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Early Medieval Combat

spangenhelm The helmet shown in this picture is called a spangenhelm. It is conical so as to deflect blows. The piece over the nose is called a nasal and is reasonably effective at protecting most of the front of the face without restricting the wearer's visibility as much as a full face mask would.

The body armour is a mail shirt which is made from about 30,000 interlinked steel rings. It is worn over a padded tunic. The mail protects against cuts and the padding absorbs the force of a blow.
A puncturing weapon such as a spear or an arrow will be more effective at getting through the mail than a sword or an axe, although a heavy blow could still cause damage without breaking through the mail shirt.
Peasants only tended to fight close to their home areas when danger threatened them directly. They tended to have simple weapons, often adapted from farm tools.
The round shield, as shown here, was being replaced by the new kite shaped design during the 11th Century.

Early medieval laws required communities to provide a certain number of warriors with equipment between them.

Professional warriors would usually be attached to a particular household and would travel with their lord.
While the lord was away it was often his wife's job to organise the defence of his lands.
Armoured knights in combat with peasants

Lothene Experimental Archaeology Group holds combat practices on Sunday afternoons and Friday evenings, weather permitting. The weapons used are blunt replicas of 11th Century ones. They include spears, swords, knives, hand axes, polearms and the large Dane Axes which were used by the Saxons at the Battle of Hastings.

contact AJ for further details

Re-enactment combat is a martial art and fights are usually competitive. A "hit" is scored by making light contact with a defined target area on an opponent. For safety reasons areas such as the head, neck, spine and joints are not used as targets. The techniques used are based on medieval manuscripts and other archeological evidence.

Useful Links

The Apprentice Armorer's Illustrated Handbook For Making Mail
The 'Viking Shield' from Archaeology describes the construction and decoration of early medieval shields.
The Mediæval Sword Virtual Museum shows examples of sword styles from 400 to 1450 AD.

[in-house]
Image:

Shields of the Shattered Isle Group have a page illustrating different types of Shield Wall.
Arms and Armour - Glossary of Terms useful index of technical terms.
There Is No Best Sword is an essay on different styles of swords and their uses.
Women Warriors throughout History has descriptions of historical and mythological women from prehistory to the 20th Century.
Fields of Conflict Project a battlefield archeology project in the UK

Warning - these links may not be suitable for children.
The Towton Mass Grave Project is a report on bodies found at the site of the Battle of Towton, 1461.
Blood Red Roses: The archaeology of a mass grave from the Battle of Towton AD 1461


"The Viking Art of War" - Paddy Griffith - Greenhill Books - 1-85367-208-4
"Medieval Warfare Sourcebook" - David Nicolle - Arms and Armour Press
"Saxon, Viking and Norman" - Terence Wise - Osprey Military, Men at Arms series - 0-85045-301-1
"English Martial Arts" - Terry Brown - Anglo Saxon Books - 1-898281-18-1
"Scottish Castles and Fortifications" - Christopher Tabraham - HMSO - 0 11 492475 9
"Scottish Weapons and Fortifications 1100-1800" - David H. Caldwell - John Donald Publishers - 085976 047 2
"Crusades" - Terry Jones, Alan Ereira - BBC Publications - 0-563-37007-6
"Medieval Combat" - Hans Talhoffer - Greenhill - 1-85367-418-4
"The Art of Combat" - Joachim Meyer -Greenhill -13 978-185367-643-7
"Medieval Swordsmanship" - John Clements - Paladin Press - 1-58160-004-6
"Highland Swordsmanship" - Mark Rector - Chivalry Bookshelf - 1-891448-15-3
"Swords of the Viking Age" - Ian Peirce - Boydell Press - 1 94383 089-2
"Codex Wallerstein" - Grzegorz Zabinski - Paladin Press - 1-58160-339-8
"Medieval Sword and Shield" - Paul Wagner and Stephen Hand - Chivalry Bookshelf - 1-891448-43-9

Lothene Experimental Archaeology are available for displays, talks and educational visits - contact us for details
If you are interested in Scottish history, research, medieval crafts, swordfighting or other medieval combat skills contact us to enquire about joining Lothene. We currently have members in Lothian, Fife and the Borders.

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